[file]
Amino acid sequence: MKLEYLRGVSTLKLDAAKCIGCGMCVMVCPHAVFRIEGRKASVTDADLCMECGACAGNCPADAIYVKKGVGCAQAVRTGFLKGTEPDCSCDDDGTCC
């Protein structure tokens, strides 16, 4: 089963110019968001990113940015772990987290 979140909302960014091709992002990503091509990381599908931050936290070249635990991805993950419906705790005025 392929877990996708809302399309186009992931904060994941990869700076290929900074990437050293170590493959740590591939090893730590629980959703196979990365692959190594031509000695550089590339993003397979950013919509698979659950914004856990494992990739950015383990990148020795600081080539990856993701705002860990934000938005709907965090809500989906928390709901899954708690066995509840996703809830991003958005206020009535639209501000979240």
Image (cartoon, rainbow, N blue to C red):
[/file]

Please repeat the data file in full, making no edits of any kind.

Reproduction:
Amino acid sequence: MKLEYLRGVSTLKLDAAKCIGCGMCVMVCPHAVFRIEGRKASVTDADLCMECGACAGNCPADAIYVKKGVGCAQAVRTGFLKGTEPDCSCDDDGTCC
């Protein structure tokens, strides 16, 4: 089963110019968001990113940015772990987290 979140909302960014091709992002990503091509990381599908931050936290070249635990991805993950419906705790005025 392929877990996708809302399309186009992931904060994941990869700076290929900074990437050293170590493959740590591939090893730590629980959703196979990365692959190594031509000695550089590339993003397979950013919509698979659950914004856990494992990739950015383990990148020795600081080539990856993701705002860990934000938005709907965090809500989906928390709901899954708690066995509840996703809830991003958005206020009535639209501000979240």
Image (cartoon, rainbow, N blue to C red):